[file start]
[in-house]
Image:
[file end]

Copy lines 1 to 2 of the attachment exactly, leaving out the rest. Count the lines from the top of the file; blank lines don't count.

[in-house]
Image: